Geosphere examines volcanic zones, the Sierra Nevada, and Utah's Confusion Range

January 15, 2014

Boulder, Colo., USA - New Geosphere papers posted online 14 Jan. cover the San Joaquin Basin in California, the Catalan Volcanic Zone in Spain, the Taupo Volcanic Zone of New Zealand, the Confusion Range of west-central Utah, and the southern U.S. Sierra Nevada. Two articles add to the "Geodynamics and Consequences of Lithospheric Removal in the Sierra Nevada, California" collection. The paper on the Confusion Range may provide a basis for new petroleum exploration in the region.

Abstracts for these and other Geosphere papers are available at http://geosphere.gsapubs.org/. Representatives of the media may obtain complimentary copies of Geosphere articles by contacting Kea Giles.

Please discuss articles of interest with the authors before publishing stories on their work, and please make reference to Geosphere in articles published. Contact Kea Giles for additional information or assistance.

Non-media requests for articles may be directed to GSA Sales and Service, gsaservice@geosociety.org.


Pliocene-Quaternary subsidence and exhumation of the southeastern San Joaquin Basin, California, in response to mantle lithosphere removal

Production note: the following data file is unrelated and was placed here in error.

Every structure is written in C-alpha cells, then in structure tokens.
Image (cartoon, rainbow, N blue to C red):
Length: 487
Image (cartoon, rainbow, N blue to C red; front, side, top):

M. Robinson Cecil et al., Tectonics Observatory at the California Institute of Technology, Pasadena, California 91125-2300, USA; robinson.cecil@csun.edu. Posted online 14 Jan. 2014, http://dx.doi.org/10.1130/GES00882.1. Special issue: Geodynamics and Consequences of Lithospheric Removal in the Sierra Nevada, California.

From the abstract: Thermomechanical models of mantle lithosphere removal from beneath the southern Sierra Nevada region, California, predict a complex spatiotemporal pattern of vertical surface displacements. M. Robison Cecil and colleagues evaluate these models by using (U-Th)/He thermochronometry, together with other paleothermometry estimates, to investigate such topographic transients. We target Tertiary strata from the Kern arch, a crescent-shaped active uplift located in the southeastern San Joaquin Basin, along the western flank of the southern Sierra Nevada.